September 5, 2003 -- Entertainment celebrities with leftist political views are hardly anything new. What is unusual, however, is for one to reveal the deep foundation of their authoritarian opinions.

Al Franken, one of the original writers for "Saturday Night Live," has been known in recent years for his left-wing activism, with books like "Rush Limbaugh Is a Big Fat Idiot" (Rush is now quite trim) and "Lies and the Lying Liars Who Tell Them: A Fair and Balanced Look at the Right." Others have picked apart the errors of his books and observed that he is more nasty than funny — hardly a latter-day H.L. Mencken. As "National Review" editor Rich Lowry observed, "Comedians who aren't funny have to become political spokesmen — thus Al Franken's new career."

But unlike others of his ilk, Franken in a recent interview offered as a virtue the philosophically vile belief that leads to the repressive policies of the Left. Franken said that "I'm extremely lucky... I'm lucky God gave me some gifts. I don't have a formal religion, even though I'm Jewish, but I've been extremely blessed.... But the idea that this is all my doing and I don't owe anything to anybody for it.... That fuels the anger against people who are wealthy and equally blessed. They believe they don't owe anything to anybody else. They're entitled to their tax cut at a time when people at the bottom are losing Medicaid." 

Al Franken expressed the essence of the "I'm not responsible, I couldn't help it" philosophy.
So there it is: the essence of the "I'm not responsible, I couldn't help it" philosophy. If we succeed in life it is not principally through our virtues, and if we fail it is not principally through our vices. Franken does not attribute our fates, for good or ill, to God, but he no doubt sees a "higher power" controlling our destinies. All he needs to add to complete the Leftist-altruist syllogism is that our fates are determined by "society." Based on this premise Franken and others of his dogma see nothing wrong with armed government agents robbing from productive individuals through taxes, regulation and nationalization, and giving to the poor to create a materially egalitarian society. Naturally, Franken prefers the government redistribution approach to, say, voluntarily giving up what he must see as his own, "unearned" millions. Hypocrisy often goes hand in hand with this belief, which no truly honest individual can hold.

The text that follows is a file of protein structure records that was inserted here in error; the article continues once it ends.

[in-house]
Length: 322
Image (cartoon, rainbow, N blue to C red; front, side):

Certainly most of us have received help in life from parents, relatives, teachers, or friends who deserve our thanks. But ultimately it is each of us as individuals who, through our reason, self-discipline, honesty, integrity and fortitude, create the material means of our prosperity and happiness. It is the "we're not responsible" premise that fuels the anger, hate and envy directed at any man or woman who earns their own wealth and well-being, who is proud of their achievements, who refuses to apologize for their virtues and who fights to keep materially and spiritually what is theirs.
It is important to remember that celebrities, politicians and all other Americans come to their political attitudes through their implicit or explicit philosophical premises. The belief that individuals are not responsible for their own lives must be challenged if we are ultimately to root out the policies that emerge from it.

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Edward Hudgins

About The Author:

Edward Hudgins is the former director of advocacy for The Atlas Society, the author of numerous Atlas Society commentaries, and the editor of several books on politics and government policy. He is now research director for the Heartland Institute. He has also worked at the Heritage Foundation, Cato Institute, and Joint Economic Committee of Congress.

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